What is it?
Plantar fasciitis is the most common cause of pain under the heel bone. It is classed as a degenerative condition due to commonly found changes such as deterioration of collagen fibres and micro tears of plantar fascia tissue.
The plantar fascia is a thick band of connective tissue which runs from the heel bone along the underside of the foot and attaches to the toes. This explains why it plays an important part in maintaining the arch of the foot. The plantar fascia is also involved in absorbing forces during movement and contributes to propelling us forward during walking and running. Research estimates that plantar fasciitis accounts for up to 10% of running related injuries.
How is it caused?
It is not always clear why people develop plantar fasciitis as it effects both sedentary and active populations but there is good evidence highlighting risk factors for developing this condition. Increased weight bearing activity can overload the plantar fascia tissue and trigger pain. This could be increasing running volume or simply switching to a job with more standing required. Being overweight leads to changes in structure of the plantar fascia and predisposes to developing plantar fasciitis. Having a reduced arch of the foot or an excessive arch can also predispose to plantar fasciitis as it alters force dissipation through the plantar fascia. Excessively tight calf and soleus muscles can also affect plantar fascia function.
How to treat it?
Educating people about this condition is essential to successful treatment. Understanding this takes months rather than weeks to show real improvement is important and advice about activity modification is central to good outcomes. Reducing activities that flare up this heel pain for a short period of time can help pain levels settle. Gradually building up activity levels again is also essential rather than introducing large spikes of activity once there are initial signs of improvement. Footwear advice is important and cushioned supportive shoes with a gel heel insert can help reduce impact on the plantar fascia insertion and also offload the connective tissue slightly by raising the heel.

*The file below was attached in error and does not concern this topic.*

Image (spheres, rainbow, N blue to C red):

In terms of active intervention the traditional approach has been stretching the calf and soleus muscles as well as isolated stretching of the plantar fascia. More recent evidence recommends high load strength training of the calf, achilles tendon and plantar fascia. This concept is borrowed from rehabilitating tendons and the early research is promising. The unique aspect of the strength training is that it puts high amounts of stress through the plantar fascia by using the Windlass mechanism. This involves propping the big toe up during a heel raise, ultimately increasing the stress through the plantar fascia by more than 400% compared to stretching.
A “best practice” rehabilitation plan should draw on the more traditional approach but also incorporate the newer strength based approach.
A typical plan is outlined below:
1) Reduce weight bearing activities for a two weeks period to allow symptoms to settle.
2) For any weight bearing activities use cushioned trainers with a gel heel insert.
3) Perform standing calf stretches of one minute duration x 5 repetitions twice daily.
4) Perform seated plantar fascia stretches for 10 seconds duration x 10 repetitions twice daily.
5) Perform single leg heel raises off a step with a towel elevating the big toe (to optimise the Windlass mechanism). Aim for 12 repetitions and if this is being achieved add external weight through a loaded backpack so that the set is very difficult to complete. Perform this every second day. Over time your physiotherapist will progress this exercise so that repetitions decrease but sets and weight increases.
This can be a stubborn condition and difficult to get on top of but the advice and exercise approach outlined above is an excellent start. As with every injury an individualised approach is key and speaking to a chartered physiotherapist will help outline specific contributing factors to the problem and plan a tailored rehabilitation programme in keeping with your goals.
DiGiovanni B et al (2003) “Tissue-specific plantar fascia-stretching exercise enhances outcomes in patients with chronic heel pain. A prospective, randomized study” The Journal of Bone & Joint Surgery (85) 1270–1277 https://insights.ovid.com/pubmed?pmid=12851352
Rathleef, M et al (2015) “High-load strength training improves outcome in patients with plantar fasciitis: A randomized controlled trial with 12-month follow-up: HL strength training and plantar fasciitis” Scandinavian Journal of Medicine and Science in Sports 25 (3) 292 – 300 https://tinyurl.com/yym926q7